Throughout this article, biophilic design refers mainly to utilizing natural stimuli in interior spaces, both directly and indirectly. From air-purifying plants and living walls, to flooring and furniture, the goal is to improve the indoor air quality, as well as improve mood and efficiency amongst occupants whilst minimizing stress levels.
But true biophilic design incorporates sustainable design practices to reduce negative environmental impact to a minimum and ensure happiness and health for all life. For example, cities like Singapore have set goals to ensure that their urban environments are more interconnected with nature by 2030. Initiatives to increase access to parks and incorporate more greenery along the streets not only benefits humans, but also the animals and other small life that make up the entire ecosystem of the area.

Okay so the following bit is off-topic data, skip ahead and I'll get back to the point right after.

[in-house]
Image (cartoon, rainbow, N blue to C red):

5 Biophilic Design Principles to Improve Any Space
1. Integrating the five senses with the natural world
Good biophilic design is meant to stimulate as many of the five senses as possible. A multisensory interior space inspired by nature provides the most opportunities to receive the positive benefits of biophilic design strategies.
For example, take a glass window. In a family house, this is an indisputable feature to include in the design. Not only does a summer breeze feel great and improve air circulation in the home, but it allows us to hear singing birds and falling rain, which is linked to weather and the seasons.
But when people are unable to open the windows in their home or office, this limits the sensory experiences that this design feature can bring. Sure, we can see the birds flying and the rain falling, but there is still some degree of separation which makes for poor biophilic design.